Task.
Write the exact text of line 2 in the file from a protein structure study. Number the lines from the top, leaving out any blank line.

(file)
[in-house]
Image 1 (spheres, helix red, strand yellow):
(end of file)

Image 1 (spheres, helix red, strand yellow):